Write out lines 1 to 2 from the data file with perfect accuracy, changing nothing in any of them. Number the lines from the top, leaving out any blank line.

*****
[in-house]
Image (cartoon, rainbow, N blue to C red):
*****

[in-house]
Image (cartoon, rainbow, N blue to C red):